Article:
Creating the jobs of the future with Lou Mycroft
Published on 20.06.19
Last month, we were lucky enough to welcome Lou Mycroft, thinking environment coach, nomad, and storyteller as our keynote in a ‘Creating the jobs of the future’ session here in HCA. Lou’s work crosses boundaries of teaching, research and creative practice in all their various dimensions. Lou introduced us to the concepts of ‘potestas’ and
Last month, we were lucky enough to welcome Lou Mycroft, thinking environment coach, nomad, and storyteller as our keynote in a ‘Creating the jobs of the future’ session here in HCA. Lou’s work crosses boundaries of teaching, research and creative practice in all their various dimensions.
Lou introduced us to the concepts of ‘potestas’ and ‘potentia’. From the philosopher Spinoza, these are ways of understanding different types, of power. Potestas is a structured type of power that can impose control and potentia a freer, more rhizomatic type of power which can free and liberate. Lou stressed that we must negotiate between these power-structures; find personal paths.
Thinking about pathways led us to discuss cartography, and how it is essential for us to map our journeys forwards in a way that liberates rather than expects us to follow pre-destined trajectories. Lou encouraged us to think about ‘lines of flight’, another Deleuzian term (like rhizome) which looks at how individuals and communities can choose their direction; sometimes choosing new journeys to follow and creating their futures.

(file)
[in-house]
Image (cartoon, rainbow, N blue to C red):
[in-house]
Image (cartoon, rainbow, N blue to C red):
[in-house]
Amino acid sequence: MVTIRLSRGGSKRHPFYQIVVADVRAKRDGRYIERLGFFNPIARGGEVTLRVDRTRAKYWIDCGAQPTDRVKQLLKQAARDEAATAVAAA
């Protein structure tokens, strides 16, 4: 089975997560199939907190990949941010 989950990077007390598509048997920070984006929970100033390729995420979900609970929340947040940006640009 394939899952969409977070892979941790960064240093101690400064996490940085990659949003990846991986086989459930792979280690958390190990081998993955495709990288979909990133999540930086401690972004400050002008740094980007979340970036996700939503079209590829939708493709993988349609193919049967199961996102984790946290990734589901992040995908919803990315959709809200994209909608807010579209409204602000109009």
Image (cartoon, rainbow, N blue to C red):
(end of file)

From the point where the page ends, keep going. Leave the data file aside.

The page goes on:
These different ways of thinking are particularly relevant to creative students in the 21st Century, in a world where ‘creativity’ is crucial to the world of work, and the jobs of the future but difficult to define as a skill or attribute.
We need to make sure we future-proof our career trajectories in an increasingly automated landscape. Dreaming our lines of flight is a type of thinking which supports us to create the jobs which no-one has thought of yet. And part of this is understanding our anchor points – pause points on our journeys which give us time to think, reflect and articulate who and where we are. Anchor points might also be enacted in the digital; for example, as a website or blogging space.
Potentially, our ‘constellations of practice’ (Mycroft, 2019) are also practical ways of finding the ‘potentia’ which help us to turn our mapped out flight-lines into lived realities.
Lou has used digital spaces to create ‘constellations of practice’ which join up national conversations around teaching and research and is currently engaged not just with her PhD research but in bringing together many advanced practitioners across the UK.
If anyone is interested in exploring Lou’s complex ideas further, we recommend that you read more about her journey on her blog, where she writes about ‘Becoming Nomad’.